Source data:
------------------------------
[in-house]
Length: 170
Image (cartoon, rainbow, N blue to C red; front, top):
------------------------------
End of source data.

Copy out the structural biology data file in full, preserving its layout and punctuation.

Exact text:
[in-house]
Length: 170
Image (cartoon, rainbow, N blue to C red; front, top):